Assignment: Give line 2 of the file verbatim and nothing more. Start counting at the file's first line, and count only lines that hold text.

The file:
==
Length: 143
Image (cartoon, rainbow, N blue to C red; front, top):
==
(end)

Image (cartoon, rainbow, N blue to C red; front, top):